When purchasing a portable air compressor, there are several things you need to look for to ensure you’re making the right purchasing decision. These include factors such as air pressure and quality, portability (a must), tank size, pressure cycle and duty cycle.
While many are capable of determining these factors themselves, it can be worthwhile getting advice from a professional so that you can be confident in your decision. At Mobile Energy Australia, we specialise in portable air compressors and stock a wide range of machines that are suitable for use on both a domestic and industrial scale. Our team thoroughly enjoy offering advice to customers; therefore, we’ve decided to provide a comprehensive guide below on things to look for when buying portable air compressors.
Air Pressure and Air Quality
Being an air compressor, one of the most important things to look for when making your purchase is the air pressure and quality. In order to serve its purpose, an air compressor must deliver a volume of air to tools at the right pressure.
For example, if a tool requires 174psi to operate, your compressor must be able to deliver air at 174psi. In the same way, if a tool only needs 80psi, you can adjust a higher psi tool to supply a lower pressure. Therefore, always purchase your air compressor to power the highest-pressure tool you have.
Air quality, on the other hand, refers to the cleanliness of the air your compressor is producing. As compressors can produce air of varying quality, dust, moisture and oil particles can all be present in the air flow if the compressor doesn’t have good air quality. Therefore, it’s a good idea to choose a compressor that has particle and moisture filters installed, lessening the risk of contaminated air.
Free Air Delivery
Free Air Delivery refers to the volume of air a compressor produces and is measured in litres per minute (or CFM) and relates directly to a tool’s air consumption requirement. Similar to air pressure, a tool that has an air consumption of 150 l/min, the air compressor’s Free Air Delivery will also need to be at minimum, 150 l/min. Additionally, if you intend on using the air compressor for multiple tools, it’s important that you add up the air consumption value of all the tools you’re planning on using the compressor for and choose a compressor with a Free Air Delivery rating that meets the total air demand.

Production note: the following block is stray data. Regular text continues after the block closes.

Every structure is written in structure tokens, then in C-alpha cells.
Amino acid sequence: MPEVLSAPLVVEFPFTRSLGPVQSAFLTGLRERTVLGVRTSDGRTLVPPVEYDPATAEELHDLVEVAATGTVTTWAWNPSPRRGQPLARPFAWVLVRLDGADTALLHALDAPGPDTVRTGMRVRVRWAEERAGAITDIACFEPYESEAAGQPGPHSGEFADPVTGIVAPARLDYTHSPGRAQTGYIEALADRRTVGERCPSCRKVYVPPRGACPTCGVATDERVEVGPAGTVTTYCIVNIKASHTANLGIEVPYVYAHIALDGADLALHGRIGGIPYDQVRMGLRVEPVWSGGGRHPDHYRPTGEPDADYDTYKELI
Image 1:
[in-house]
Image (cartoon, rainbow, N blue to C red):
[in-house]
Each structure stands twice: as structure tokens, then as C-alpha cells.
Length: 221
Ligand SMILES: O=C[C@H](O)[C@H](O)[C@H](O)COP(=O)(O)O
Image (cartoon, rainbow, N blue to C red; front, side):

The tank size you choose will be determined by the way you intend to use your compressor and it’s important that you choose the size carefully to accommodate for all intended uses. Tools that you want to use for short bursts of time only require a small tank because the pressurised air won’t be used up quickly.
On the other hand, a larger tank is required for tools that need to be used for a longer period of time to sustain the amount of air flow. Keep in mind, however, that a larger tank will affect ease of portability.
Pressure and Duty Cycle
Many compressors force the air into an internal storage tank, which increases the pressure until it reaches a maximum where the compressor shuts off. When the air is being used by your tool of choice, the pressure will decrease in the tank until it reaches its minimum before it turns back on and re-pressurises the tank. This is called the pressure cycle. As you’re probably aware, producing air uses heat which is dangerous to the pressure if it isn’t managed correctly, i.e., with a good pressure cycle. This is because when the compressor is turned off after reaching the maximum tank pressure, it has time to cool down and prevent overheating.
Duty cycle is the ratio between pressurisation and cool down and should be no more than 60% of the time turned on and 40% of the time turned off. This can be controlled by choosing a compressor with a higher FAD rating or large storage tank to reduce overheating, especially if you are using high air consumption tools.
If you have any questions about our range of portable air compressors, please contact the friendly team at Mobile Energy Australia on 3273 6803.